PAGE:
Amnesty Inter­na­tio­nal also asks uncom­for­ta­ble ques­ti­ons, with funda­men­tal values of central importance to its work. It deli­bera­tely avoids shying away from unpo­pu­lar topics. ‘We don’t doubt that some of our campaigns aren’t going to make us any friends,’ says Beat Gerber, a spokesper­son for Amnesty Switz­er­land. ‘Often, they don’t conform to the prevai­ling opinion.’ Howe­ver, a society needs to respect those lines that cannot be crossed. In other words, funda­men­tal rights need to be upheld, even within the war on terror, for exam­ple. ‘Our work is always guided by the vision that human rights apply to ever­yone – no matter where, no matter when,’ he says. Amnesty unco­vers instances of miscon­duct by autho­ri­ties and govern­ments. The syste­ma­tic work carried out by the non-profit orga­ni­sa­tion helps bring about chan­ges in the way people think, and it is partly down to them that 142 count­ries have banned the death penalty. Simi­larly, torture is now frow­ned upon around the world – due largely to the reso­lute efforts on the part of Amnesty Inter­na­tio­nal. ‘A key sign of this success is that even unjust regimes state that they do not engage in torture,’ says Beat Gerber. Amnesty’s attempts to make people aware of instances of abuse also include more recent topics, such as sexual violence towards women and girls, discri­mi­na­tion or the viola­tion of refu­gees’ rights. Climate change, too, is part of this. Society and the world of poli­tics are beco­ming aware that exis­ten­tial values are at play here, a deve­lo­p­ment Oliver Clas­sen is also aware of. No matter whether under the banner of Black Lives Matter, the Women’s Strike or the climate move­ment, incre­asing numbers of people are taking to the streets. He thinks this is espe­ci­ally surpri­sing in Switz­er­land. After all, in direct demo­cracy, people regu­larly have the oppor­tu­nity to put their opinion across at the ballot box. But it seems that’s no longer enough. ‘Our era has been shaped by multi­ple crises for a long time,’ he states. ‘And these crises, in turn, are caused by multi­ple factors. They give rise to a new aware­ness of inju­s­tice.’ Public Eye has been high­light­ing the under­ly­ing problems with globa­li­sa­tion for years. This issue made its way into the main­stream with the Respon­si­ble Busi­ness Initia­tive, if not before. And would it alre­ady be able to gain majo­rity back­ing? For Oliver Clas­sen, one thing is clear, at least: ‘It’s our gene­ra­tion that need to fix it. We need to turn things around.’ Clas­sen is expe­ri­en­cing at first hand how the accep­tance and rele­vance of their work is chan­ging. ‘Today, we’ve recei­ved enqui­ries from corpo­rate lawy­ers inte­res­ted in a job with us. And we get major compa­nies asking if we can comment on their sustaina­bi­lity reports,’ says Oliver Clas­sen. Howe­ver, there is no ques­tion of Public Eye colla­bo­ra­ting with compa­nies. ‘Total inde­pen­dence is our most precious asset.’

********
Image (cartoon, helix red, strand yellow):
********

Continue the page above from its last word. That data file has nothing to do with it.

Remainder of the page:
Oliver Clas­sen, media spokesper­son at Public Eye (above), and Beat Gerber from Amnesty Inter­na­tio­nal (right). | Photos: zVg

Inde­pen­dent and credible

Both Public Eye and Amnesty Switz­er­land are prima­rily finan­ced through member­ship contri­bu­ti­ons and dona­ti­ons. Support from foun­da­ti­ons, often on a project-by-project basis, also helps them remain inde­pen­dent from nati­ons and compa­nies. In turn, this guaran­tees credi­bi­lity – which is essen­tial. Inde­pen­dent infor­ma­tion is criti­cally important, and facts are what ensure that the message gets across. ‘We invest a great deal in rese­arch,’ says Beat Gerber. Docu­men­ta­tion is one of the organisation’s key tasks. Infor­ma­tion enables it to bring hidden inju­s­ti­ces to the public’s atten­tion and main­tain aware­ness of them. In this way, Amnesty Inter­na­tio­nal has been able to free and save thou­sands of people since it was foun­ded in 1961. For this to work, you need to teach both know­ledge and skills. Beat Gerber: ‘As an orga­ni­sa­tion, we have eight million members. We work with the people on the ground and aim to put them in a posi­tion where they can pile on the pres­sure them­sel­ves.’ Human rights acti­vists receive death thre­ats on a fairly frequent basis, but this response is also proof that their acti­vi­ties are hitting a nerve.